Prisons are pretty grim places at the best of times and those in the UK are currently enduring the worst of times. A short spell actually spent inside, even if only as a visitor, is usually enough to revise the opinions of the most enthusiastic members of the 'hang 'em and flog 'em' brigade. Our jails are currently filled to bursting and rife with violence and drug-taking. And, with 48% of individuals imprisoned reoffending within a year of release, they can hardly be said to be fulfilling one of the critical roles for which they exist in the first place.
Prisons have always interested me and I've visited about 10 including a mother and baby unit at Styal, which housed drug 'mules'. (The Stansted Airport transparent WC that stuffers and swallowers are invited to use once arrested is quite a convenience.) I once even spent the day with a murderer, his wife and three kids in a caravan housed within the walls of a high-security institution in Canada.
In the UK, we followed the example of the United States and 25 years ago began an experiment handing the running of some prisons over to the private sector. There have been some notable advances, but amid riots in recent years, little of the news has been good. The three private providers G4S, Serco and Sodexo admit privately that there are far easier ways to make an honest living. The Ministry of Justice shows no sign of issuing any new contracts.
Contracting out or selling state-run institutions to the private sector began with Margaret Thatcher but has run into problems across the board. Few now praise the services of the railways or the utilities. Corbyn would renationalise them. The market can hardly be said to have done its job in the provisions of water or power and gas. With nuclear power, the risks and costs proved far too much for any private company to underwrite. The state is effectively stuck with the job of buying and decommissioning nukes. The difference between prisons, railways and utilities is that the former had never been in private hands previously.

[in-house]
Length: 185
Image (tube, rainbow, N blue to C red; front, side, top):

By contrast, McDonald's couldn't be in a keener pure market. (The godfather of fast food has a battle on its hands and finds itself under attack from all sides.) This may not, however be the case forever. The state has well and truly tied tobacco down, which is a good thing. It will focus on alcohol next - blank label Chateau Margaux, anyone? - and, in the battle against obesity, it will turn its full attention to the food industry in due course.
One thing that hasn't yet emerged from Maccy D's HQ is the prospect of robot burger flippers (although they exist). The question of whether - and how soon - technology will decimate the labour market is as vexed now as it was back in the Luddites' day. AI has the potential to bring a whole new meaning to the McJob.
Also in MT's Issue 2 2017:
- ARM's boss on selling to SoftBank and the future of Britain's top tech firm
- What next for restaurants?
- Greene King boss Rooney Anand on swapping building sites for beer
- How to get your career back in the fast lane
Follow Matthew on Twitter: @MatthewGwyther
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